New director plans for Lisle Library's future
Eleven days after assuming her position as director of the Lisle Library District, Tatiana Weinstein is excited to lead the medium-size library into its future.
Weinstein comes well-prepared for the task, and already has weathered the first calamity.
"On the very last day of our past director, our main board switches went down that affords us internet and catalog access, and all the phone and wireless," Weinstein said. "For half a day there was a domino effect, so I had 11- and 12-hour days the first few days on the job."
The easiest thing for Weinstein during her initial days was her first internal staff meeting.
"The staff is so supportive, which is nice," Weinstein said. "We have a wonderful and highly professional staff, and are well-known for our great, helpful and friendly staff. They are so willing to go that extra mile."
Weinstein is equally proud to have been a member of the Lisle Library staff since 1998, starting as a readers advisory assistant and moving up the ranks to director of adult services and assistant director.
While working at a book store for 11 years including during her college studies, Weinstein was influenced by the store's staff librarian.
Growing up, Weinstein loved art, reading, writing and books and describes herself as a "news junkie." She thought of becoming an art teacher, and earned degrees at DePaul University and Columbia College in Chicago and then her master's in library and information science from Dominican University in River Forest. Learning more about what a librarian does convinced her that it could be her perfect career.
"Every day here is a challenge, an opportunity and different each day because we work in the public sphere," Weinstein said. "We meet new people, have other issues, problems and wonderful success stories."
In her 18 years at the Lisle Library, Weinstein has attended many conferences and diligently keeps up with all the new things happening in public libraries.
"Public libraries today are institutions for lifelong learning," Weinstein said. "A lot is not just about books; all my librarians on staff are instructors and teach many classes we offer. We can really move technology ahead. We supplement our readers' educational, professional and creative needs and interests at every stage of life -- from babies to seniors."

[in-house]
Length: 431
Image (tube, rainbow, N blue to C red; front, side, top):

The Lisle Library is approximately 33,190 square feet in size and houses 160,000 items in its collection. Its extensive digital collections include e-books, audio books, music, magazines and movies with thousands of choices. Residents may access digital content through 40 databases. The library's vision statement is, "We are here to Enrich, Educate and Empower."
With the library board, Weinstein looks forward to working on the budget and evaluating the library's space. Weinstein says they first need to reach out to the community to find out what residents want from a library.
"Last year, we finished our five-year strategic plan," Weinstein said. "Our community outreach will be key to laying out a strategic plan for the next three to five years. Is it a fit for the community, or do they like us just the way we are?"
This spring, Weinstein will look to engage the Lisle community in a comprehensive survey process for the library's long-range planning. Last done in 1998-99, the library's intent is to connect with residents, to gather information, and to plan its future.
"It is premature to say what we want before reaching out to the community to see what they will like," Weinstein said. "It is not for me to decide, although I am happy to guide the process."
Weinstein's dreams for the Lisle Library are patron-driven. Her dream is for "every child in the district to have a library card; for every teen to understand how we can supplement their education here; and for every adult to know how valuable we are by coming to the library."
So part of her efforts need to be getting her message out.
"We are third place," Weinstein explained. "Home is number one; school or work is number two; and then the public library is number three."
Weinstein has some existing accomplishments she can point to with pride. In the summer of 2013, she spearheaded a new feature at the library to highlight different local artists called Gallery 777. Every two months, the rotating exhibit features creative work. Each opening begins with a welcoming reception the first Friday of the exhibit. Interested artists age 18 and older may contact the library for details.
"There is a lot of great talent in Lisle," Weinstein said. "We are about six months out in planning."
The library had a recent donation from the Lisle Lions Club of low-vision service devices for public use. Among the items are large hand-held magnifiers, a device to turn text into sound, and low-vision reader.
"We have a whole Web page devoted to low-vision support," Weinstein said.
She is grateful to the Lions for the gifts to the library; to the Friends of the Lisle Library for their continued support, first-rate programing, and twice-yearly book sales; and to the Lisle Woman's Club, which was key to forming the district more than 50 years ago and continues to support the library. She appreciates the adult home delivery volunteers who faithfully bring books and library materials to homebound patrons.
Weinstein wants to make a stronger connection to the Lisle community and increase library membership. If you are not a user, she wants to understand why.
Weinstein believes, "Whatever your life circumstance, a public library can help you grow, improve and enhance your life."
• Joan Broz writes about Lisle. Her column appears monthly in Neighbor.